Santander UK’s research has also revealed North West business owners’ and decision makers’ top tips for international trade success:

  • Make sure there is a market for your product or service before you start (36%).
  • Ensure your UK business is doing well first (34%).
  • Invest in obtaining market intelligence on your sector in the country you want to trade in (29%).
  • Don’t take too big a risk to start with (23%).
  • Invest in advertising, marketing, social media to suit the local market (21%).

Algeos is a homegrown Liverpool company that manufactures and distributes medical devices and technology solutions to healthcare providers all over the world. The business dates back to the 1880s, starting out as a leather merchant and grindery supplies company in the heart of Liverpool, and evolving in the 1990s into its present business focused on podiatry, orthotics, prosthetics and physiotherapy with a factory and headquarters in Speke. From the early 2000s, the business went global, opening a satellite operation in Australia, later expanding its presence in the US and Middle East. Algeos now sells to over 50 countries every year.

Algeos Managing Director Max Sheridan said:

“Originally we were inspired to take the business international through our love of foreign travel as well as wanting to find opportunities to reduce our dependence on home trade. Our first step was to attend exhibitions and trade shows that gave us leads and indications of opportunities abroad.

“We followed this up with fact-finding research into potential overseas markets and distributors, eventually deciding to focus on markets with similar healthcare issues and care pathways as the UK. Among our biggest considerations in trading overseas has been the varying compliance and regulations required to import medical devices into different countries. We’ve also had to amend packaging and reproduce instruction manuals in local languages. We have also supported our distributors with marketing collateral, educational and product training. My advice to UK companies looking to expand internationally is to start by focusing on one target country and not being discouraged by unusual conditions, import regulations and culture differences. We made good use of Santander UK’s expert knowledge, including its international trade portal, to help us expand. Your local chamber of commerce and the Department for International Trade can also offer support and potential funding.”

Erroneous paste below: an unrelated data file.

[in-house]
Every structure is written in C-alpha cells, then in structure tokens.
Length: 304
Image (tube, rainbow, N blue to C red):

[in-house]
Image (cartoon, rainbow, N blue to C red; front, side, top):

John Carroll, Head of International and Transactional Banking, Santander UK added:

“It’s clear from the research that international trade can play a crucial role in helping North West businesses to emerge from the pandemic and get back to growth and with the right support and partners, these internationally trading businesses can thrive.”

“Later this year, we will be launching a new online platform, where we will share our years of experience and knowledge in one place to help North West businesses with tailored support to find their way when expanding overseas. We’re here to help these businesses with support that goes beyond banking as they navigate the challenges.”

Santander’s international team has dedicated market specialists that have access to extensive local networks and knowledge around the world, and a long track record of helping businesses implement their international growth strategies. This support ranges from working with them to identify new markets, helping them with shipping and logistics options and organising virtual trade missions to introducing businesses to trusted local partners, potential new customers and vital networks in key destinations. For more information on the international support available, visit: